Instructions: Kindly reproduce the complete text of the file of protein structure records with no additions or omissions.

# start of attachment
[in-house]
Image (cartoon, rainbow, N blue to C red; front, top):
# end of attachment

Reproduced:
[in-house]
Image (cartoon, rainbow, N blue to C red; front, top):